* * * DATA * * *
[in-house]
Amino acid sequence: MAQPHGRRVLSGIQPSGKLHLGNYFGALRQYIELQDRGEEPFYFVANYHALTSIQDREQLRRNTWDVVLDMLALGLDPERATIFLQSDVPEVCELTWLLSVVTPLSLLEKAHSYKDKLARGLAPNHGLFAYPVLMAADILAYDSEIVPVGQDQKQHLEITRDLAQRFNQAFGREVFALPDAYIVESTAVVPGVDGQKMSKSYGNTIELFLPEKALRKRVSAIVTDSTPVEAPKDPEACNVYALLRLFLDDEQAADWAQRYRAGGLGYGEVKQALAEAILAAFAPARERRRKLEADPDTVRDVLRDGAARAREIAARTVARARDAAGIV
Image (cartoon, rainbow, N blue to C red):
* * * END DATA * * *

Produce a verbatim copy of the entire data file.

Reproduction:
[in-house]
Amino acid sequence: MAQPHGRRVLSGIQPSGKLHLGNYFGALRQYIELQDRGEEPFYFVANYHALTSIQDREQLRRNTWDVVLDMLALGLDPERATIFLQSDVPEVCELTWLLSVVTPLSLLEKAHSYKDKLARGLAPNHGLFAYPVLMAADILAYDSEIVPVGQDQKQHLEITRDLAQRFNQAFGREVFALPDAYIVESTAVVPGVDGQKMSKSYGNTIELFLPEKALRKRVSAIVTDSTPVEAPKDPEACNVYALLRLFLDDEQAADWAQRYRAGGLGYGEVKQALAEAILAAFAPARERRRKLEADPDTVRDVLRDGAARAREIAARTVARARDAAGIV
Image (cartoon, rainbow, N blue to C red):